The highest maximum temperatures occur during
summer, with the January as hottest month (mean
maximum temperature 36.7 °C with mean of 7.4 days above
40 °C). Winters are mild with lowest mean maximum
temperatures recorded for July of 18.1 °C. Temperatures
rarely fall below 0 °C in winter (a mean of 0.2 days below
0 °C), with a mean minimum of 6.2 °C in July.
The Koolanooka and Perenjori Hills were described
by Beard (1976) as a single vegetation system, the
Koolanooka system, consisting of Allocasuarina
Koolanooka vegetation system was endorsed by the
Minister for Environment as a Threatened Ecological
Community (TEC) in 2001. The TEC, plant assemblages
of the Koolanooka system, is based upon Beard’s (1976)
vegetation system described above, covering the entire
extent of both hills, approximately 4500ha. It is currently
ranked vulnerable following English and Blythe (1999).
R. Meissner & Y. Caruso
ᮡ) on Koolanooka and Perenjori Hills. The 340 m contour is shown,
The aim of the present work was to undertake a
detailed floristic survey of the Koolanooka and Perenjori
Hills and to identify the plant communities that occur on
the ranges. This was achieved by detailed flora lists, and
description of plant communities based on a series of
permanently established quadrats. Ultimately, the aim is
to place these communities in a regional context with other
banded ironstone ranges throughout the Yilgarn Craton.
Fifty 20 x 20 m quadrats were established on the crests,
slopes and foot slopes of Koolanooka and Perenjori Hills
in October 2005 (Figure 1). These quadrats were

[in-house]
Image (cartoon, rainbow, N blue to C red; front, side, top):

established to cover the major geographical,
geomorphologic and floristic variation found in the study
area. Each quadrat was permanently marked with four steel
fence droppers and their positions determined using a GPS
unit. All vascular plants within the quadrat were recorded
and collected for later identification at the Western
Data on topographical position, disturbance,
abundance, size and shape of coarse fragments on the
surface, the amount of exposed bedrock, cover of leaf litter
and bare ground were recorded following McDonald et
al. (1990). Additionally, growth form, height and cover
were recorded for dominant taxa in each stratum (tallest,
mid- and lower).
Twenty soil samples were collected from the upper 10
cm of the soil profile within each quadrat. The soil was
bulked and the 2 mm fraction analysed for B, Ca, Cd, Co,
Cu, Fe, K, Mg, Mn, Mo, Na, Ni, P, Pb, S and Zn using
the Mehlich No. 3 procedure (Mehlich 1984). The
extracted samples were then analysed using Inductively
Coupled Plasma – Atomic Emission Spectrometer (ICP-
AES). This procedure is an effective and cost efficient
alternative to traditional methods for evaluating soil
fertility and has been calibrated for Western Australian
soils (Walton & Allen 2004). pH was measured in 0.01M
at soil to solution ratio of 1:5. Effective cation
exchange capacity (eCEC) was calculated from the sum
of exchangeable Ca, Mg, Na and K (Rengasamy &
Churchman 1999). Exchangeable Ca, Mg, Na and K were
obtained by multiplying the values of Ca, Mg, Na and K
obtained from ICP-AES by a standard constant.
Quadrats were classified on the basis of similarity in
species composition on perennial species only, to be
consistent with other analyses of banded ironstone ranges
(Gibson 2004 a, b). Perennials were also more consistent